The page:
Monday morning, the Supreme Court of the United States handed down an unfavorable decision in the case June Medical Services v. Russo. This decision struck down the law requiring abortion providers have admitting privileges at local hospitals.
“Admitting privileges are a reasonable standard,” says Lois Anderson, ORTL executive director. “Women are injured inside abortion facilities every year. Admitting privileges mean they will receive prompt, specific care. The only reason this is an issue is because abortion is big business and businesses don’t want to spend time and money.”
“This decision was not reasonable,” continued Anderson. “However, an atrocious reality we face is that Oregon does not even require abortion providers be licensed medical doctors, let alone have admitting privileges. Abortion is legal in Oregon until the moment of birth, with no restrictions or regulations mandated by the state.”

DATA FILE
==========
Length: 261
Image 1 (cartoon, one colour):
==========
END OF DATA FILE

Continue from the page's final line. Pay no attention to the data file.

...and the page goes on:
Apart from chemical abortions with RU-486 (which alone have caused more than 4,200 serious complications and 24 deaths) abortion procedures are surgical procedures.
Admitting privileges for outpatient surgery centers is a common standard. For example, in order for outpatient surgery centers to participate in the federal Medicare program, their physicians must have a transfer agreement with their closest hospital or have admitting privileges.